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Changes in Peri-procedural Bleeding Complications Following Percutaneous Coronary Intervention in The United Kingdom Between 2006-2013 (From the British Cardiovascular Interventional Society)

Mamas, Mamas; Nolan, James; Rashid, Muhammad

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Abstract

Major bleeding is a common complication following percutaneous coronary intervention (PCI), although little is known about how bleeding rates have changed over time and what has driven this. We analyzed all patients undergoing PCI in England and Wales from 2006 to 2013. Multivariate analyses using logistic regression models were performed to identify predictors of bleeding in order to identify potential factors influencing bleeding trends over time. 545,604 participants who had PCI in England and Wales between 2006 and 2013 were included in the analyses. Overall bleeding rates declined from 7.0 (CI:6.2–7.8) per 1000 procedures in 2006 to 5.5 (CI:4.7–6.2) per 1000 in 2013. Increasing age, female sex, GPIIb/IIIa inhibitor use and circulatory support was independently associated with increased risk of bleeding complications whilst radial access and vascular closure device use were independently associated with decreases in risk. Decreases in bleeding rates over time were associated with radial access site, and changes in pharmacology, but this was offset by greater proportion of ACS cases and more the adverse patient clinical demographics. In conclusion, Major bleeding complications after PCI has declined due to changes in access site practice and decreased usage of GPIIb/IIIa inhibitors, but this is offset by the increase of patients with higher propensity to bleed. Changes in access site practice nationally have the potential to significantly reduce major bleeding following PCI.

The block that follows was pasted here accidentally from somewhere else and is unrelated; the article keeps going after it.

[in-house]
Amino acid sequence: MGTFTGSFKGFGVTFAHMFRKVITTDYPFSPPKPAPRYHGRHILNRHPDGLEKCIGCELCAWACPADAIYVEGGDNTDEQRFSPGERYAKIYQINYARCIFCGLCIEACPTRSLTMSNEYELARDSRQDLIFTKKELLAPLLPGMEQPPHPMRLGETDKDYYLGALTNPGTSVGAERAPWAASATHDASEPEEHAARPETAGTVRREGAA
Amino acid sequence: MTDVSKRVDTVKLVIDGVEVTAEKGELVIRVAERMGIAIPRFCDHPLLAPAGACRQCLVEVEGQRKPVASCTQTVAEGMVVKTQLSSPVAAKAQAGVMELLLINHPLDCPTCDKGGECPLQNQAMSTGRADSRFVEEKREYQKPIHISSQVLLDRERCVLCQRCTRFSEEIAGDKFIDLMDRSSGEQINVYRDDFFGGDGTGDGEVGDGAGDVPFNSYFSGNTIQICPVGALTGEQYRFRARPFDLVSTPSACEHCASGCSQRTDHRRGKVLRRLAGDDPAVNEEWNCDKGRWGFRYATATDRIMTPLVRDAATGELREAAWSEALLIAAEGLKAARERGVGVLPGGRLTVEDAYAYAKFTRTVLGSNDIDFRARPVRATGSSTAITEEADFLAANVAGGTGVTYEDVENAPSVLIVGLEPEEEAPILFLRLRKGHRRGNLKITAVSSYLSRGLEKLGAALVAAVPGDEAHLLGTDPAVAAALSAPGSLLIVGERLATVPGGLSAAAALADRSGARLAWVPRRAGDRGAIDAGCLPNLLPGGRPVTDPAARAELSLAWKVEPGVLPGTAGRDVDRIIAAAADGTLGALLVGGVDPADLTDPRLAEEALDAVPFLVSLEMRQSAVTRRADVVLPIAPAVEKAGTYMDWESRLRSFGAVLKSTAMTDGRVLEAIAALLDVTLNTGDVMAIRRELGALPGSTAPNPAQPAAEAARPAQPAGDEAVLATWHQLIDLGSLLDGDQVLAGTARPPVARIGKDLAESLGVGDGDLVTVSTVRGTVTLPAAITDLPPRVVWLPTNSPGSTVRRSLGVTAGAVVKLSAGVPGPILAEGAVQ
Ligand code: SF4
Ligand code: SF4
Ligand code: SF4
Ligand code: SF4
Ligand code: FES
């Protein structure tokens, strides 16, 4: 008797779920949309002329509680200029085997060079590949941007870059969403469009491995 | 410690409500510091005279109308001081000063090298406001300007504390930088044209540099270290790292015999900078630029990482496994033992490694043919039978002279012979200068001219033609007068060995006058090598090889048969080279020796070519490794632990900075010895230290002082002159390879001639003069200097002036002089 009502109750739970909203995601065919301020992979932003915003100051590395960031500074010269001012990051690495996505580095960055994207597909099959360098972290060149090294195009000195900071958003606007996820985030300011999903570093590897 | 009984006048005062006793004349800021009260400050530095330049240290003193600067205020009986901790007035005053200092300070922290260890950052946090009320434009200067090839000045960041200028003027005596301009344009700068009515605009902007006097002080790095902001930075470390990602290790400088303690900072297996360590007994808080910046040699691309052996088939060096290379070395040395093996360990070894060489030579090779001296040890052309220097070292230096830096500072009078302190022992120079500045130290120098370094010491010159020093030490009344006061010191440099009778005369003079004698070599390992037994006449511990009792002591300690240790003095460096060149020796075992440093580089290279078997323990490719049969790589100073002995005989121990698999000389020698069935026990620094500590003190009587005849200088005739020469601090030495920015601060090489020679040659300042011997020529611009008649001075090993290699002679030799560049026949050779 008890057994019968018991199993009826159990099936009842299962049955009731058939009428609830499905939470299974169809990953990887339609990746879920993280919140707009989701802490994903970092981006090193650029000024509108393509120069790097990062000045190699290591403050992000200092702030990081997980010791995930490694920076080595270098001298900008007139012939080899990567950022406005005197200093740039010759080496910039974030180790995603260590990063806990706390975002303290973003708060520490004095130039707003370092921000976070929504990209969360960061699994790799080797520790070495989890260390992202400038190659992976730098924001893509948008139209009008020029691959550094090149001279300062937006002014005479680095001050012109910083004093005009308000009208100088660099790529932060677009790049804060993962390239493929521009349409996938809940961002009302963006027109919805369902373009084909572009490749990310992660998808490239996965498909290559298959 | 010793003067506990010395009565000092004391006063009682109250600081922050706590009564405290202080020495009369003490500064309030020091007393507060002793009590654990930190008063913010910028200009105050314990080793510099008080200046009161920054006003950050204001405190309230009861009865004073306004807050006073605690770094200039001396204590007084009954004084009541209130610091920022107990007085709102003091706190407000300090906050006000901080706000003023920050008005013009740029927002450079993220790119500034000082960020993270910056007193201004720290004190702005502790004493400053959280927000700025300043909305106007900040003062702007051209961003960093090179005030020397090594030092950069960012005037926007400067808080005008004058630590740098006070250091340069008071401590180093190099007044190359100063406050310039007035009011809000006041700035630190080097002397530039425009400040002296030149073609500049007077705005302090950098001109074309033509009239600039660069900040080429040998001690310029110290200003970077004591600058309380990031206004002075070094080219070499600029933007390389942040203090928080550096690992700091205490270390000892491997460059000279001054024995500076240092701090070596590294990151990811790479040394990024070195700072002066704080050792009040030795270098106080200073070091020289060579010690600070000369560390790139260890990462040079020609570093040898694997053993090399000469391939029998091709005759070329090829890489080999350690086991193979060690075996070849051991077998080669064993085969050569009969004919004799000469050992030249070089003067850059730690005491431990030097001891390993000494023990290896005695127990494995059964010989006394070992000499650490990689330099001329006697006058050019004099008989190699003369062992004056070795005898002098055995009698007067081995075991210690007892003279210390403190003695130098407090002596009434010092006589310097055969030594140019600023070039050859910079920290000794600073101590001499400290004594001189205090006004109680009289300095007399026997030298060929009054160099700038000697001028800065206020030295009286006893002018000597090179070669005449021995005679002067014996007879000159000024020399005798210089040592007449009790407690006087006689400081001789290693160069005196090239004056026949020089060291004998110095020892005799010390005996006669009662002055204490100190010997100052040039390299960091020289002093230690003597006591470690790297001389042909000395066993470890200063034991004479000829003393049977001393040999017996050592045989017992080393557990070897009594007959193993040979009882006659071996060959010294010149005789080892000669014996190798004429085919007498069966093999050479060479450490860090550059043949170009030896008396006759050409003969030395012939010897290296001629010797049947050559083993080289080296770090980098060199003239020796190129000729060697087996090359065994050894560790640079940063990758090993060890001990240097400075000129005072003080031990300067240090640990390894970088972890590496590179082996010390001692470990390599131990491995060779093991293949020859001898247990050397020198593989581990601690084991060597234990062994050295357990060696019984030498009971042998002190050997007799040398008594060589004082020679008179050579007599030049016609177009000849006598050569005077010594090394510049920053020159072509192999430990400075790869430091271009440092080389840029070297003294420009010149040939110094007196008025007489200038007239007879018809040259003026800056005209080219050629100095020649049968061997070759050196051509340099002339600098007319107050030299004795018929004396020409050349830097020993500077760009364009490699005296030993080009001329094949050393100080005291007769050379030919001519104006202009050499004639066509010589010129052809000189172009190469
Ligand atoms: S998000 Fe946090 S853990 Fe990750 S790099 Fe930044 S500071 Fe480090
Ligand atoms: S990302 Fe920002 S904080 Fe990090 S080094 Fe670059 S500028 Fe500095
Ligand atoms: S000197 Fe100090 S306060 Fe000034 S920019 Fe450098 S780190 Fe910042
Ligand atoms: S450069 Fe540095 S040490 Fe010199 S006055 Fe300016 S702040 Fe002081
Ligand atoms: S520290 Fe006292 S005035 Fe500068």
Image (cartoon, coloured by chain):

Acceptance Date Jun 1, 2018
Publication Date Sep 15, 2018
Journal American Journal of Cardiology
Print ISSN 0002-9149
Publisher Elsevier
Pages 952-960
DOI https://doi.org/10.1016/j.amjcard.2018.06.016
Keywords percutaneous coronary intervention, bleeding, trends
Publisher URL https://doi.org/10.1016/j.amjcard.2018.06.016

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